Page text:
2003 Readers' Choice Awards
Like The GIMP, GCC wins its category every year and always by a sizable lead. You feel almost sorry for their competitors. Although Emacs is in third place again, last year's second-place winner, Kylix, slipped to sixth place this year as KDevelop returns to the top three. Anjuta, which combines Glade, text-editing tools and a simulator in a single IDE, is the favorite write-in this year.
SuSE Linux Training
Linux Lunacy Cruise
Sun Wah-Pearl Linux OpenLDAP Workshop
We know official Linux training is anathema to some of you (like reading a manual for just about anything), but now more training classes and programs are available than ever before. SuSE's is the most popular distribution-related training, followed by the RHCE program. The write-ins covered everything from man pages and users to self-study and Usenet. We're glad to see so many of you are finding the Linux Cruise useful as well as fun.
In the closest race this category has seen in years, Slashdot beat LinuxFR by only 343 votes—pretty impressive when you consider 6,588 people voted. It's nice to see the rampant silliness of this year's freedom fries and freedom toast didn't extend to Da Linux French Page. Still, Slashdot is the first choice for updates on supercomputers, candidates for governor of California and two-hour Cadillac commercials—I mean Matrix sequels.
eZ Publish CMS
Perhaps this category is too new for regular Linux users to have developed a consensus. Only 893 people voted in this category, and 637 of those votes were write-ins. Rackspace is the only service to garner more than 10% of the vote. Or, perhaps people felt like one voter who said he found it hard to name his favorite because “I love/hate my host!” As usual, many of you take the DIY approach to Web hosting as well.
This category received the most votes of any except Favorite Distribution, which makes sense given the push for Linux on the desktop. With 44% of the votes, KDE is the winner for the sixth consecutive year. GNOME holds on to second place with 23% of the votes. Ion is the new favorite write-in vote, as last year's favorite, fluxbox, comes in fourth in its first year on the official list. Oh good, I was beginning to think I wouldn't see this write-in comment this year, but you didn't disappoint: “None, they all suck!”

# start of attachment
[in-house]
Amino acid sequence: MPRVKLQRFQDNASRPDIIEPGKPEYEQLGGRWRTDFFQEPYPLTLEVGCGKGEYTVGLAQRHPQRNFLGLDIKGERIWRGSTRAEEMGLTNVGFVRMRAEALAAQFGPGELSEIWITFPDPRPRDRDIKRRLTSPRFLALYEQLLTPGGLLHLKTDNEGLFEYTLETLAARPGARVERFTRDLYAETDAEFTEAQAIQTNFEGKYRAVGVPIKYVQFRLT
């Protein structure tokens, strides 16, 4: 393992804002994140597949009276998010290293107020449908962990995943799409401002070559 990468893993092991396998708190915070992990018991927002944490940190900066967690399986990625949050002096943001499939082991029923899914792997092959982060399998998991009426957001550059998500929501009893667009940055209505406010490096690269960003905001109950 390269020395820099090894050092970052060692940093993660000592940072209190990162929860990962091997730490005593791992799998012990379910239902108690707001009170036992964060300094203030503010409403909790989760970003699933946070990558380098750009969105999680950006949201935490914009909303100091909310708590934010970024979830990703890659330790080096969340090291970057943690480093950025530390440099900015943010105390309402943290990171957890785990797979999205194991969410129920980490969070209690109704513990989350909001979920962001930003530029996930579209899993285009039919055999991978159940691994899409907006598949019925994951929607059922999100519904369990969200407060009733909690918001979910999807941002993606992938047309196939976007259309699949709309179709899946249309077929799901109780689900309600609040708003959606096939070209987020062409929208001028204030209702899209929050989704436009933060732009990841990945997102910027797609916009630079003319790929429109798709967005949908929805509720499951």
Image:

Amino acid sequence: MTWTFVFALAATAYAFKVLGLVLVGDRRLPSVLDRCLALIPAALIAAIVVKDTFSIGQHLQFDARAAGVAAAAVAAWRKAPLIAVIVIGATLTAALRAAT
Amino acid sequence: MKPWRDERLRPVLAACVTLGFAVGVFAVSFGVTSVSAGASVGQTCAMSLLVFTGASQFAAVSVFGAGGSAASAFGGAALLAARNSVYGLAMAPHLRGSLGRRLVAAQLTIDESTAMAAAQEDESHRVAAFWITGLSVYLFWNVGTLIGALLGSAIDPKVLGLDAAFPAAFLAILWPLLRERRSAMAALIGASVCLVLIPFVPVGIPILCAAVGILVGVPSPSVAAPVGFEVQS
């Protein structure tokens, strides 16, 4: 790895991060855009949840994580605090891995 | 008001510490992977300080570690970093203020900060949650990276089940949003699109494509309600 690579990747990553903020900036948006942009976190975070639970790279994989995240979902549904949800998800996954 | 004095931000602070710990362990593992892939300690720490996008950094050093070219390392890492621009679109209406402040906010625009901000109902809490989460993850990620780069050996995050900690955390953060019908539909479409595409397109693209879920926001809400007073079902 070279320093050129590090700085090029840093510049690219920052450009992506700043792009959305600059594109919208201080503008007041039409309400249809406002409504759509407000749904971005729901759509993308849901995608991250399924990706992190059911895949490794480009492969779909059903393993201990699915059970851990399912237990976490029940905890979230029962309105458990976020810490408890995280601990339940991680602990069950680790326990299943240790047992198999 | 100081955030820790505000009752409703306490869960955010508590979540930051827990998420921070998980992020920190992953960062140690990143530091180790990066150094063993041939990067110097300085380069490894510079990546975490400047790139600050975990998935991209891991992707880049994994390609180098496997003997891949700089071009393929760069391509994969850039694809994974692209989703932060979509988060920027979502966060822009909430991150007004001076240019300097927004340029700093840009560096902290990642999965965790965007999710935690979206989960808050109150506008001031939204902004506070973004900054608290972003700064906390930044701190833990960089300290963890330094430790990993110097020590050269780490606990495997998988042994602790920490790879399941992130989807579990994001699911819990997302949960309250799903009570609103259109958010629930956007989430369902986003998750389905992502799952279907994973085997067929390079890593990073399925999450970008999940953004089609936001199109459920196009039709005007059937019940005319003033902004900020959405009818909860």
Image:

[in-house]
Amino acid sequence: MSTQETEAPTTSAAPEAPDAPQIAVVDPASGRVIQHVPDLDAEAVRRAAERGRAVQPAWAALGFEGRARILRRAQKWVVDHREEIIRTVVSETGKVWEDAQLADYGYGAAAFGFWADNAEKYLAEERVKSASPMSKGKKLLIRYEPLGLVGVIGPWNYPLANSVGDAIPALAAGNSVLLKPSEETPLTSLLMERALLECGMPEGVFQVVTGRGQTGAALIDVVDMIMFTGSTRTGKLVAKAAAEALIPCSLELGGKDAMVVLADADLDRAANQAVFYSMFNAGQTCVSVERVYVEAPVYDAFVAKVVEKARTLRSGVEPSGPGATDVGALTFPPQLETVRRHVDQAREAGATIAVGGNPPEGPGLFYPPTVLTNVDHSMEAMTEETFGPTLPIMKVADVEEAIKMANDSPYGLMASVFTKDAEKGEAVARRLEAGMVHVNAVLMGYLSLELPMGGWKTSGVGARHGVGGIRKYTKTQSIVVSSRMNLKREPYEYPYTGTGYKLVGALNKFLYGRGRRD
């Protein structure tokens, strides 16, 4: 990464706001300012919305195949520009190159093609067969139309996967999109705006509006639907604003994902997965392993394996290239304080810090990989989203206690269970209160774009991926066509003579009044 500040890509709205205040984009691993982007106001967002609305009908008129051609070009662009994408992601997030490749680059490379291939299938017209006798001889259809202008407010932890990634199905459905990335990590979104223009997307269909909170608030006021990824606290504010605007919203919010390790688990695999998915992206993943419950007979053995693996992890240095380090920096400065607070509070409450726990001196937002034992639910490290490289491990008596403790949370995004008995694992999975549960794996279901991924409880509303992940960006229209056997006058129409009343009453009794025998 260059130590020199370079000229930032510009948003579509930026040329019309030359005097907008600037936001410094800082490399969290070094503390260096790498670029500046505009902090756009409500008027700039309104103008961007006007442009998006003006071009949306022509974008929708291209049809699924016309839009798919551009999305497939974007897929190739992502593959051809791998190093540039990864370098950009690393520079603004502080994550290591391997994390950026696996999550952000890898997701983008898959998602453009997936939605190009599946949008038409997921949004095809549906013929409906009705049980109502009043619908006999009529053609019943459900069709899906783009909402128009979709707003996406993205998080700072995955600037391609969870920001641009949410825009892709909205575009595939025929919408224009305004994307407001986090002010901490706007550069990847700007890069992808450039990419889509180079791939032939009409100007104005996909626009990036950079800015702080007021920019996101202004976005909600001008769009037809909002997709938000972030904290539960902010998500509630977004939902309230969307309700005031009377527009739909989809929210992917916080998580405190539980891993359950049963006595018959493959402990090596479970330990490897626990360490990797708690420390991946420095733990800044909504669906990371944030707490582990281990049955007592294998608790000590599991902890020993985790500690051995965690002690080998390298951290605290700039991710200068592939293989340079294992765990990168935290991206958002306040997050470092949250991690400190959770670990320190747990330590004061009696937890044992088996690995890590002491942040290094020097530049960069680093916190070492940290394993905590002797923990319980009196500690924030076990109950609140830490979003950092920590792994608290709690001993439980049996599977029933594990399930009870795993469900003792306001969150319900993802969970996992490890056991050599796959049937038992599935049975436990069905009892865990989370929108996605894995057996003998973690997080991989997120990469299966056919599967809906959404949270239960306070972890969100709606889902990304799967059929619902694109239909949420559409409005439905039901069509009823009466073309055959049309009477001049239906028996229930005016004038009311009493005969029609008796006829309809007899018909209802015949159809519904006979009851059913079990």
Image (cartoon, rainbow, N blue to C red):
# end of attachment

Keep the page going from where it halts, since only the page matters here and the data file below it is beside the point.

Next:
Heather Mead is senior editor of Linux Journal.
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|Working with Command Arguments||May 28, 2016|
|Secure Desktops with Qubes: Installation||May 28, 2016|
|CentOS 6.8 Released||May 27, 2016|
|Secure Desktops with Qubes: Introduction||May 27, 2016|
|Chris Birchall's Re-Engineering Legacy Software (Manning Publications)||May 26, 2016|
|ServersCheck's Thermal Imaging Camera Sensor||May 25, 2016|
- Secure Desktops with Qubes: Introduction
- Secure Desktops with Qubes: Installation
- Download "Linux Management with Red Hat Satellite: Measuring Business Impact and ROI"
- Working with Command Arguments
- CentOS 6.8 Released
- The Italian Army Switches to LibreOffice
- Linux Mint 18
- ServersCheck's Thermal Imaging Camera Sensor
- Chris Birchall's Re-Engineering Legacy Software (Manning Publications)
- Petros Koutoupis' RapidDisk
Until recently, IBM’s Power Platform was looked upon as being the system that hosted IBM’s flavor of UNIX and proprietary operating system called IBM i. These servers often are found in medium-size businesses running ERP, CRM and financials for on-premise customers. By enabling the Power platform to run the Linux OS, IBM now has positioned Power to be the platform of choice for those already running Linux that are facing scalability issues, especially customers looking at analytics, big data or cloud computing.
￼Running Linux on IBM’s Power hardware offers some obvious benefits, including improved processing speed and memory bandwidth, inherent security, and simpler deployment and management. But if you look beyond the impressive architecture, you’ll also find an open ecosystem that has given rise to a strong, innovative community, as well as an inventory of system and network management applications that really help leverage the benefits offered by running Linux on Power.Get the Guide